Consider the example of exercising to get in shape. You go to the gym. You don't want to overwork your muscle groups, so you perform enough repetitions on one machine to gain strength, and then you jump to the cardio section to exercise there while resting your recently worked muscle group.

Breathing provides an even simpler example of looping. If you stop breathing, that's a critical problem. Recall that a problem represents a desire and a state. Not breathing is an undesirable state to be in. If you're still alive, your body will do everything in its power to restart the breathing loop and restore homeostasis, up to and including: gasping, wheezing, seizing the lungs, etc.

These universal tools are not only shared among specific use cases; they are universal because they can be applied to any conceivable problem <> solution situation.

Our brains and bodies also engage in reading raw input, decoding it, then conditionally jumping or looping, executing the resulting thought process, and finally recording the outcome in memory for future feedback loops.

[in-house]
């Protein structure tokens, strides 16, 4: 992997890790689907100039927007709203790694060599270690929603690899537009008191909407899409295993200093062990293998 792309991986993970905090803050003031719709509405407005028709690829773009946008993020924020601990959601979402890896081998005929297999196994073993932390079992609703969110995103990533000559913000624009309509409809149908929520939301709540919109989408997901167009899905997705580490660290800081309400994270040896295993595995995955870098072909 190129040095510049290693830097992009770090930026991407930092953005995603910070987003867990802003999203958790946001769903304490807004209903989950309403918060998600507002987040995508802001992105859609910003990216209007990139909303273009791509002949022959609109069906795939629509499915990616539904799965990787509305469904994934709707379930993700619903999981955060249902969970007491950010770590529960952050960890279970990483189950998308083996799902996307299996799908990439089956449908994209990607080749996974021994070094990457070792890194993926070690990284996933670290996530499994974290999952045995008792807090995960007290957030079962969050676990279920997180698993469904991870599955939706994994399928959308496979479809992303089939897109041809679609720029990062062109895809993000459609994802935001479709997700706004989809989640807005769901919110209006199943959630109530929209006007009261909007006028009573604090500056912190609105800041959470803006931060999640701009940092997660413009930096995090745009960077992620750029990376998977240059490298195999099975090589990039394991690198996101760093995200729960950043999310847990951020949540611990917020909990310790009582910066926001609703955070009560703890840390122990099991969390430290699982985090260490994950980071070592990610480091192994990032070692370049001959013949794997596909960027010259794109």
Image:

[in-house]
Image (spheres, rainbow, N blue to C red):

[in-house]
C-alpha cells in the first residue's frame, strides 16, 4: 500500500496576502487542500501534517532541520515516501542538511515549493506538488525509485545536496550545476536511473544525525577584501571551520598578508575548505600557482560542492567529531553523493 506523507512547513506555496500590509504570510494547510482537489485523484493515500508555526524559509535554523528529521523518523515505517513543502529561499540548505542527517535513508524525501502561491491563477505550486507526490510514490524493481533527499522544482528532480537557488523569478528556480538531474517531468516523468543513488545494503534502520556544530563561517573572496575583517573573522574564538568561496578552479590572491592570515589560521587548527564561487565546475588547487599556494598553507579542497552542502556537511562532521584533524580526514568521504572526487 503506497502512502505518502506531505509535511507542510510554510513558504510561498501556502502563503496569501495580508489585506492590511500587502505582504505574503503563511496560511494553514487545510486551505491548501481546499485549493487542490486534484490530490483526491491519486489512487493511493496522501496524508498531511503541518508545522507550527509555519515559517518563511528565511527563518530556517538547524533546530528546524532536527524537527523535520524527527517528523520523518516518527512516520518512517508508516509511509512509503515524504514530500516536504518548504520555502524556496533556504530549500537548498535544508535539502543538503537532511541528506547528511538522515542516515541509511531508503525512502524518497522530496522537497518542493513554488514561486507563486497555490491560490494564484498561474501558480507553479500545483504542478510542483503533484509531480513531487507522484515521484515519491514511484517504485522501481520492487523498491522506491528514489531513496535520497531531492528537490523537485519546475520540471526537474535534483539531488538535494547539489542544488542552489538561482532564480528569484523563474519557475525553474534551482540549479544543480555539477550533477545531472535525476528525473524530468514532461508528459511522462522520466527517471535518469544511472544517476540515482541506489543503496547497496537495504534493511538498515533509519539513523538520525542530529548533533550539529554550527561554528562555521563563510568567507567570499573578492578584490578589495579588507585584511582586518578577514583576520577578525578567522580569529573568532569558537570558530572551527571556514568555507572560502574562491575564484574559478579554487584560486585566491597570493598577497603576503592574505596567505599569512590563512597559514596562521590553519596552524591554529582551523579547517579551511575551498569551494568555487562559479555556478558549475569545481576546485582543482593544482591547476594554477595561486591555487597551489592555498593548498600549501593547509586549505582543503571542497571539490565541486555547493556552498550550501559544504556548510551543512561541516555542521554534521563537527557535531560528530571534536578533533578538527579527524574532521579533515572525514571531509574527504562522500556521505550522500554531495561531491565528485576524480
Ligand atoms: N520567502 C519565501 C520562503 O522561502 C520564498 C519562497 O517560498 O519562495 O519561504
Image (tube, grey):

Just like us, CPUs also perform these tasks, one clock cycle at a time! is a reader-supported published Zettelkasten. Both free and paid subscriptions are available. If you want to support my work, the best way is by taking out a paid subscription.

The Simplest CPU

what do we need to make the simplest computer?

Let’s imagine the simplest version of something that has the ability to calculate. If we break down a calculation into its simplest components, we will need: inputs, operations, and outputs.

We want input data to compute against, some raw material to convert into something else, some kind of operation or operations to do said converting, and finally some way to decipher and store the outputs, and convert those into inputs to continue the process.

The simplest tool-less version of this is to use our own dextrous human hands. Feel free to try this experiment, or skip it!

Put both of your hands into a fists, showing zero fingers. Lay your right hand down on a table or your lap. Next, stick out your index finger on your right hand, and place your thumb finger of your left hand over it. Your thumb will serve as the “counter”. Next, count the finger (1) and raise one finger one your left hand. The four fingers on your left hand will serve as storage. Now close your right hand again and raise any number of fingers from 1-3. Remember, as you count one with your left thumb, raise a finger on your left hand. Now, use your right thumb to “read” from storage and count how many fingers you have up on your left hand. Amazing! We’ve created a simple adder without talking about adding, just counting one at a time and storing what we’ve counted. We can do the same with subtraction, if we want, the only change will be to put a finger away on our left hand for every finger we count on our right.